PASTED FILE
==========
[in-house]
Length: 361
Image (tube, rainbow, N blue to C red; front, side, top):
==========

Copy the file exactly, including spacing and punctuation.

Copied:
[in-house]
Length: 361
Image (tube, rainbow, N blue to C red; front, side, top):